Friday, June 1, 2012

1954 Destroyer Piers Naval Station Norfolk

This a 1954 aerial photograph of the piers (called the "Destroyer Escort Piers" during World War II) at the southern end of Naval Station Norfolk. As one can readily see, the piers are packed with destroyers, submarines, and support vessels. There are sixty-two destroyers, fourteen submarines, two destroyer tenders, two submarine tenders, and several other auxiliary vessels, including ocean tugs. The surface warships represent the myriad of different vessels that were built between 1941 and 1947. Visitors are encouraged to provide identification of ships if they spot one they know is in the picture.

This picture was taken during a period of the Cold War that policy makers referred to as "maximum danger." Though an armistice had ended active combat operations in the Korean War, several other conflicts around the world were beginning to flare up, which required the U.S. Navy’s presence. Though many planned for global war to be fought with aircraft carriers and nuclear weapons, this picture demonstrates that smaller combatants still had a role.

3 comments:

Michael Sweeney said...

Large ship tied up at the top with destroyers could be the USS Amphion AR-13 or the USS Cadmus. Both were the same class. The Amphion may have been in the MED part of 1954. Both ships were home ported in Norfolk around this time.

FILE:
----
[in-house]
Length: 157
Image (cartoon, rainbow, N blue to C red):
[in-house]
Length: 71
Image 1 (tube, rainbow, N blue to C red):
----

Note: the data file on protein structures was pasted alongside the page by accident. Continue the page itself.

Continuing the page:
Warren mitchell RD 3 said...

I was on the USS Owen DD 536 in 1954 and this was our home port. This was called Convoy escort piers. When we were in port this is where we tied up. I don't remember ever seeing this many destroyers at one time in port. Is there a date picture was taken? Thank you for posting. Warren Mitchell RD3

M. Clayton Farrington said...

Unfortunately the exact date the photograph was taken was not recorded. The only other information recorded with the image in our digital files was that it was taken at 3,000 feet.

If USS Amphion is in the photograph, January-February 1954 can be eliminated ( according to information listed on Hullnumber.com). Repair ships tended not to deploy that often. The more ships and submarines we can identify in the photograph, the closer we can get to exactly when it was taken.